Past Articles Library | Texas Superstars
Texas is a big place, with lots of climate zones. It has so many, in fact, that even if you don’t live in Texas, you can usually find a place in it that matches your growing conditions. Why should you care? Well, Texas A&M Extension Service has a program where they test different types of annuals, perennials, shrubs, and trees to see if they will grow well in almost all of the state. In fact, the criteria for naming a plant a Texas Superstar® is pretty impressive. The plant must meet the following criteria:
- It must be attractive and useful to the gardening public
- Must be unique and offer desirable and ornamental characteristics not usually available in commonly sold plants
- Must consistently perform well for most Texas consumers regardless of their gardening expertise and growing location
- Must be as pest resistant as possible (and deer proof is an added bonus)
- Must be able to be propagated and mass produced in sufficient numbers to meet increased consumer demand
- Preferably is so attractive in the sales container that it sells itself to consumers who have never heard of the many attributes of the plant.
The Texas Superstar® program started out as a marketing tool to help wholesale and retail nurseries and garden shops sell more plants, hence the last two points above. However, it has also borne a lot of fruit for gardeners, especially in the Southern United States. Texas has four different USDA hardiness zones and fifteen unique land resource areas. Most people will be able to find a place in Texas that is like their home.
It means you can pick up a Texas Superstar® and pretty much know that it will grow for you with minimal inputs of water, fertilizer, and pesticides. Now, you do have to water these plants once a week during the growing season and about once every four weeks in the dormant season. No plant can get away with no inputs, especially water. However, you will rarely need to fertilize or spray your plants for pests.
Plants that are considered Texas Superstars® are marked with a tag in their pot at nurseries. The little tags are sold to nurseries and help fund the program.
Some examples of Texas Superstars® are:
- Annuals.Laura Bush Petunia (Petunia X violacea ‘Laura Bush’ ) This petunia is a cross between VIP and old fashioned petunias. It is hardy to zone seven. This old fashioned petunia has fragrant violet flowers that are very heat tolerant. It also does well even in alkaline soils. It reseeds so will come back year after year. This petunia is twenty-four inches tall and thirty-six inches wide.
- Turk’s Cap (Malvaviscus arboreus var. drummondii) This plant is native to some parts of Texas in zones seven B to eleven. It is a perennial but in colder regions can be planted as an annual. It gets to be two to three feet tall with an equal spread. Turk’s cap blooms in pink or red flowers. The foliage in the cultivar ‘Fiesta’ has variegated leaves. Turk’s cap is drought hardy after it has become established.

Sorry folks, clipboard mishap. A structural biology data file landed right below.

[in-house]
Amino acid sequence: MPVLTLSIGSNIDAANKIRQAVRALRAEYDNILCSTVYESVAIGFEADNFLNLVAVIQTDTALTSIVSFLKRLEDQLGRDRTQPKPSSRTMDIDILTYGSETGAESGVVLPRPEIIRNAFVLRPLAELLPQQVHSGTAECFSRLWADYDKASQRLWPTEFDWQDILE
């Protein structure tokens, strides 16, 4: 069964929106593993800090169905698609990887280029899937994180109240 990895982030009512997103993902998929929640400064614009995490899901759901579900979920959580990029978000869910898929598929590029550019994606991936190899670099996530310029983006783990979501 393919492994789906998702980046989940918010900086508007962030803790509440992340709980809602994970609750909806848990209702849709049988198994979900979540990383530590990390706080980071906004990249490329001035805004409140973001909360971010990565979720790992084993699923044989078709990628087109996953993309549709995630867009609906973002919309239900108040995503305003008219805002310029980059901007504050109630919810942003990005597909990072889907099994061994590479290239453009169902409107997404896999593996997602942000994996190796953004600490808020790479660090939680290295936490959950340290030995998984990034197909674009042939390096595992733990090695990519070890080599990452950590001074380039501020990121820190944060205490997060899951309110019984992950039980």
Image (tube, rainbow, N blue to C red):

- Per-Annual Plants. Firebush (Hamelia patens) This plant is a tropical bedding plant hardy to zone eight. It has dark green foliage and red-orange trumpet flowers. It is a great hummingbird attracter as the hummingbirds are the only ones with a tongue long enough to get to the nectar at the bottom of the flower.
- Shrub. Lynn’s Legacy Cenizo (Leucophyllum langmaniae) is a shrub that grows up to five feet and spreads about the same. It has silvery green leaves and lavender flowers that bloom from early spring to first frost. The plant blooms, then stops blooming for a bit, then blooms again over and over until frost.
- Basham’s Party Pink Crapemyrtle (Lagerstroemia indica × Lagerstroemia fauriei ‘Basham's Party Pink’) This crapemyrtle is one of the best large crapemyrtle for zones eight and hotter. It grows to about twenty to thirty feet tall and has a spread of two thirds of its height. It blooms spring to early summer in a nice soft pink color.
- Specialty Plants. ‘Tycoon’ Tomato (Solanum lycopersicum ‘Tycoon’) ‘Tycoon’ Tomatoes are a round tomato variety that is determinate. It bears all at once. This tomato is resistant to tomato yellow leaf curl virus, Verticillium, Fursarium races one and two, tomato spotted wilt virus as well as nematodes. It grows best when purchased as a seedling rather than when grown from seed. The plants get three to four feet high and spread two to three feet. ‘Tycoon’ tomatoes should be planted in the spring after all danger of frost has passed and in the summer eighty to ninety days before the first frost date in your area.
- ‘Natchez’Blackberry (
- Phalenopsis orchids (Phalaenopsis spp.) Orchids have a reputation for being difficult to grow. This orchid is not and thrives as a houseplant. Just place it near diffuse sunlight near a window in your home. It will grow to be two feet tall and two feet wide. It has beautiful white flowers that last two to three months if the flower is not damaged. This orchid is practically pest free and requires little maintenance.
If you would like to try some Texas Superstars® in your garden, you can go to http://texassuperstar.com/index.html and learn all about the program and get the list of the plants.